In a recent post, I tried to dispel some of the common myths surrounding reverse mortgages that have been written since April 2015. In this post, I will explore how the Reverse Mortgage could be used.
Instead of thinking about a reverse mortgage as a last resort after all other assets have been depleted, think about it in conjunction with your other investments and working in tandem with your 401(k) or IRA and your other investments.
The basic premise behind a reverse mortgage is that it’s a product designed to tap an illiquid investment – your home. For many Americans, it is still one of the biggest assets they own. When it comes to using a reverse mortgage to tap the value of the home, there are four options:
1) Lump sum payment
2) Annuity-like stream of income guaranteed for as long as a borrower lives in the home.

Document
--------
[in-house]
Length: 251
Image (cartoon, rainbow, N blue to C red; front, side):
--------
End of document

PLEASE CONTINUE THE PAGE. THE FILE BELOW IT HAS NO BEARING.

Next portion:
3) Fixed payment over a fixed number of years
4) Line of Credit (that grows at a variable rate) that is accessible as needed
It’s option four, the line of credit, that has become most intriguing. The idea is to apply for a reverse mortgage in the early years of retirement and leave it alone for the most part. You take on the line of credit long before you actually need it because the line of credit will grow over time. If held long enough, the line of credit could exceed the value of the home. The line of credit grows, even if the value of the home does not. But the homeowner or the estate would only be on the hook for at most 95% of the value of the home because a reverse mortgage is a “non-recourse” loan.
On top of the flexibility it brings, there are tax benefits too – draws from a reverse mortgage are not taxable.
(Some readers may think about using a reverse mortgage to take equity out of their home to invest it in the stock market. We strongly discourage that kind of thinking.)
This is a compelling new tool that could provide innovative solutions for many retirees. Research is showing that it can extend retirement spending out another 10 years or even more.